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Courts

Many of us dream of owning our own squash court. Very few of us get to live that dream. Here are three private squash courts I have found images of.

Beautiful Squash Courts - Part 1

This is the first in a short series of articles about beautiful squash courts. I first found these images while browsing the internet and then decided to actually look for more courts like them. There’s no “order” to the courts and I am just choosing each three courts per article randomly. Although I will say, these first three are probably my favourite. Originally, I posted them on my Instagram account1, as well as my other social media accounts, with the hashtag #BeautifulSquashCourts2 and they have generated plenty of interest and discussion. Anyway, I hope you like these ones. Dream on! Bearings in Maine, USA Don’t you just love the box of rackets near the door? What about the line of shoes on the other side? This feels like a family court. The comfort of the sofas contrasts nicely with the harsh reality of a tough squash match. Anyway, this is absolutely gorgeous. Martha’s Vineyard, Massachusetts, USA This beautiful private squash court is a little less “soft” than the previous one. The bare walls, darker brown furnishings and simpler lighting all give the impression of more rustic approach. I have the impression that it would be colder. Without doubt, it’s still beautiful. No Information – ? Unfortunately, I have no information about this squash court. It’s reminiscent of the first court in this article, but seems to have more natural light. If you know anything about it, please let me know. Resource Links BetterSquash – Instagram#BeautifulSquashCourts – Instagram https://youtu.be/0OMYcVkXLQk

I have a fascination with private courts. Perhaps because I dream of owning one or perhaps because I am an urban explorer at heart. Who knows?

Fifth Avenue Private Squash Court

All squash courts are beautiful, but some are more beautiful than others. The ones with limited access hold the most interest for me. This short article is the first in a regular series on private and beautiful squash courts. I recently received an email from a New York resident asking for advice about their squash. They mentioned having a squash court in their building. They use it most weekdays and are thinking of purchasing a ball machine to use. We talked about their options and I asked if they could send some photos. I won’t reveal the exact location, but as you can see from the title, it’s in Manhattan. If you live in New York, you might, just might, recognise the lobby. Apparently the building was built in the 1920s and as you can see from one of the photographs below in the gallery, it’s a hardball court rather than a squash court, although I haven’t differentiated that in the title. The area is very exclusive, with a duplex apartment recently selling for tens of millions of Dollars. Let me quote the sender to give you some more details. “As you exit the back door, you are on the lobby area. You proceed to the back and get into a private elevator to the basement. You flick onthe lights and descend a rather concerning set of stairs and flick on more lights. The court is accessed by stepping up, something I recallnever having to do. Unfortunately, the court is 18′ x 31′ and the service line is at 20′. There is a basketball hoop and a white three point line painted on the floor. I checked with a squash court builder about bouncing a basketball on the court as to whether it is damaging and he assured me not to worry!” If I ever get back to Manhattan, I’ll do my best to have a hit on it and…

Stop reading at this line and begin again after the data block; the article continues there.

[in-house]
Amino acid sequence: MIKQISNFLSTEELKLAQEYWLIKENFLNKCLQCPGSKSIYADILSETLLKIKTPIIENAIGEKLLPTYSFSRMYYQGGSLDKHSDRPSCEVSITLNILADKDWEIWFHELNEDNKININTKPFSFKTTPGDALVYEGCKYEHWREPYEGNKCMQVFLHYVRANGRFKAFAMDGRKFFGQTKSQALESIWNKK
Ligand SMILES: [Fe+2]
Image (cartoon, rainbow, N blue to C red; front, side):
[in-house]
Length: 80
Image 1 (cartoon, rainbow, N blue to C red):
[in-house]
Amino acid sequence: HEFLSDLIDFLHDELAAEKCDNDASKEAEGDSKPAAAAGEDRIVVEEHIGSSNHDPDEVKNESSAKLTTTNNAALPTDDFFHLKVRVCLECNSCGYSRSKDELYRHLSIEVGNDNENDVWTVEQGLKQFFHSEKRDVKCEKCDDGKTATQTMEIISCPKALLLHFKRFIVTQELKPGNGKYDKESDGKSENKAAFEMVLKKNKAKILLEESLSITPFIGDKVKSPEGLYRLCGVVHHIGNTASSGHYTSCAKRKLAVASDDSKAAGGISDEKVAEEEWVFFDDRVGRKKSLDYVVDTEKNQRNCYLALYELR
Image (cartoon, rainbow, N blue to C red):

Originally, all squash courts were white and all kit (the clothes) had to be white too, including the shoes.
Around the 1990s courts were allowed to be painted pastel and the rules were loosened to include pastel clothes too.

Let's Make Squash Courts Colourful!

So why not take things to the next level? Why not make squash courts more inviting, more interesting? Traditionalists will argue that it will make it harder to see the ball, and that could be true for some situations, but they said the exact same thing about coloured walls and clothes. “If the ball passes across the body of a player wearing dark clothes, then they will lose sight of the ball!”. And yet, plenty of people wear dark clothes to play squash and nobody complains of losing sight of the ball. I suspect the same will happen with patterned walls. So what exactly am I suggesting? Firstly, I am suggesting removing the rule that both the sidewalls need to be the same colour and also a consistent colour. Pastel colours should still be used, because I do believe that dark colours will make it difficult for the ball to be seen. But why can’t we have patterns or interesting designs? A glass wall, be it the back wall or side wall, has a multitude of colours and shapes behind it, yet the human eye is able to concentrate on the ball pretty well. The Pigalle Duperré is a basketball court in Paris, France. At first glance you might hate it. It’s bright, it’s colourful and it stands out. “But Phillip, the walls of a basketball court are not used like they are on a squash court!”. That’s true, but so what? “The colours are too bright and contrasting!” I agree, so let’s use less bright colours and less contrasting colours then. What I also really like is the gradient floor, that looks pretty cool. Not an exact representation because the darker areas are still there, but you get the idea. Two years ago, I posted an image I found an image of a court with dark silhouettes on the side walls. The general consensus in the comments was that it…